• What is Lance’s ethnicity? I believe we’re told his surname is Li, which is definitely not Japanese and sounds rather Chinese to me. I’d really like to know more about the familial connections between Lance and Kane. I’ve met a few Japanese/Chinese people and my cousin’s kids are Japanese/Chinese (in other words, it’s possible for Kane to be Japanese and to have a Chinese cousin – seems self-evident, but in my experience, outsiders get really confused about this), but I don’t think I’ve ever seen a “mainstream” Japanese/Chinese character. Also, if Noguchi himself isn’t Japanese/Chinese, I’d be interested in why he created a (potentially) Japanese/Chinese character.
  • Will the female characters be getting more fully developed storylines as the comic progresses? Up to this point, Ally has gotten significantly more panel space than the other women and while I do find her an entertaining character, it’d be nice to see a WOC receive the same amount of attention. (Side note: I feel ok discussing this comic in the context of US conversations on gender because Noguchi seems much more in dialogue with US social values than, say, Japanese ones.)
  • Why did Noguchi make Ally, the (initial) love interest, a white woman? I’m not sure this was a conscious choice – in the same way many POC writers start out writing white characters without really realizing they’re doing it – but if so, why? Sure, white women are marginalized relative to white men in US society, but I’ve never been a fan of “POC has white love interest” storylines because I feel too many of them cater to white audiences, much like the symbolic “biracial” MC. I’m not saying Noguchi made Ally white in order to attract white readers, but it’s definitely something I always wonder when a POC creator chooses to include a prominent white character in a mostly-POC cast. For that matter, it would have been interesting if Noguchi had made Ally, say, half-Japanese and half-white. From what I’ve heard, JAs have high rates of interracial marriage, so mixed race Nikkeijin definitely have a place in contemporary and future Nikkei narratives. I do like where Kane’s relationship with Tara seems to be headed…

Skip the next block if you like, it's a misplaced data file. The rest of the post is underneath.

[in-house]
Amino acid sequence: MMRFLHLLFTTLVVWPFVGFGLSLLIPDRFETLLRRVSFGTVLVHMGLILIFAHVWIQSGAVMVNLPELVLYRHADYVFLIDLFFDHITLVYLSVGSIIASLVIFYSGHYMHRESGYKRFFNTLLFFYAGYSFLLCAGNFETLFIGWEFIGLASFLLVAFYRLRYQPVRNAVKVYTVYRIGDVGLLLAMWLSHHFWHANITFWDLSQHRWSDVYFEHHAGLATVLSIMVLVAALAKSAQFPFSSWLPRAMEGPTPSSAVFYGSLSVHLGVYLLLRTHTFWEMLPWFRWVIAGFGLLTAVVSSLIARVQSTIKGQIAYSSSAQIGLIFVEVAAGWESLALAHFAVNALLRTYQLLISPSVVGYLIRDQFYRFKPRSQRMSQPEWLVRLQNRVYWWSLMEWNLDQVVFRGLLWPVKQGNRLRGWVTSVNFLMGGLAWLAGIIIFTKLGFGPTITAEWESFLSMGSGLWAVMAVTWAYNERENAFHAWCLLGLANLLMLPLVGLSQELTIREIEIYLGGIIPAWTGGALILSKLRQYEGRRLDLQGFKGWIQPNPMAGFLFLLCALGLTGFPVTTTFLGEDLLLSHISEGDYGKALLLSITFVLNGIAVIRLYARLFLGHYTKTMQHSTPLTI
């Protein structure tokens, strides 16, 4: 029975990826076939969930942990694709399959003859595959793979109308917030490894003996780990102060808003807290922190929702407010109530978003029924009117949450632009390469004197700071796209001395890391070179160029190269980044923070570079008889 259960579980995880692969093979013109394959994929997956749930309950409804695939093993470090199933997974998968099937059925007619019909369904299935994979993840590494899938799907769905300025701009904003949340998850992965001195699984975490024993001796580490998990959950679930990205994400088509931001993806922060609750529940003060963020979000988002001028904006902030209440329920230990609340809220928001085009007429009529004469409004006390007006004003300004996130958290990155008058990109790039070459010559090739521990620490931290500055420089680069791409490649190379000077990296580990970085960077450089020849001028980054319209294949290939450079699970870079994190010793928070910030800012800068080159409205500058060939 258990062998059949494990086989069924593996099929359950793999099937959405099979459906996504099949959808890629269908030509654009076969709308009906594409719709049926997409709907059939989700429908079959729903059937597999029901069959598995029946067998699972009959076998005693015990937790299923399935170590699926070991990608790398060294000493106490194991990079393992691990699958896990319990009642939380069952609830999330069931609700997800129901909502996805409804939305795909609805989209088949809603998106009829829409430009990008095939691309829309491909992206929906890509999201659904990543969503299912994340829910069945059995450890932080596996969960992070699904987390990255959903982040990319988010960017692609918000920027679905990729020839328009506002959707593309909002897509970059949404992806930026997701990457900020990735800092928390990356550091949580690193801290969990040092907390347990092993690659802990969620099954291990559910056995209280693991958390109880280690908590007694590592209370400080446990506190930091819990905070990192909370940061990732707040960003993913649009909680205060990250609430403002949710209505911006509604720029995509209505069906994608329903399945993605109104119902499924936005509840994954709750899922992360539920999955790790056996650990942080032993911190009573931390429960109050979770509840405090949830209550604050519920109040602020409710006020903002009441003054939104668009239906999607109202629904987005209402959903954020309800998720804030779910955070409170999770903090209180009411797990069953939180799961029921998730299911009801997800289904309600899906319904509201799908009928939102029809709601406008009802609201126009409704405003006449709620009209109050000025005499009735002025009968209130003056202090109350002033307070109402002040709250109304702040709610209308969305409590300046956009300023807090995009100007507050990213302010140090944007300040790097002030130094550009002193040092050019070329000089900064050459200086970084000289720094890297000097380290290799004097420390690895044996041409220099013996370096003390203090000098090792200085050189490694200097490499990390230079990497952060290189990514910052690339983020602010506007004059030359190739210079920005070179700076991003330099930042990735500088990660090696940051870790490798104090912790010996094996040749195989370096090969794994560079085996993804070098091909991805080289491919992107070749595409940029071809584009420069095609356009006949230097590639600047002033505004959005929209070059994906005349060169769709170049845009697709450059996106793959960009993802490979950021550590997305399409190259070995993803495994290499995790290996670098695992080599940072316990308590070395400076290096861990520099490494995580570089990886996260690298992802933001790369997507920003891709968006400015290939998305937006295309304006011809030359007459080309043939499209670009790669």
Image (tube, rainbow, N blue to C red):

• On the flip side of my previous point, it’s true a fair number of JAs marry white people, so I suppose Noguchi might have made Ally white to reflect reality. I suspect it’s outside the scope of this work to examine how interracial marriages with white people relate to the role of assimilation in JA history, but I would love it if Noguchi addressed this later in the comic, especially if Kane and Ally actually end up together at some point.
  • What was the purpose of the cooking competition subplot? It felt like an attempt to give Julie more on-page time, but I didn’t think it added much to the overall narrative. I do like the idea of dueling with kitchenware – in fact, Noguchi seems to have many quirky ideas which he drops in at intervals and I admire his creativity.
  • What is Kane’s relationship to his heritage? I’m not sure if he’s bilingual or if he just knows a few words of Japanese, but from what I recall of Noguchi’s commentary, we really aren’t told much about Kane’s connections to Japan outside of his interest in anime. This isn’t a criticism – I have met JAs who are far removed from Japan either because of a generational gap or for other reasons – I’m just curious about how Kane came to be as a character and if there will be any in-depth discussion of his heritage in later parts of the comic.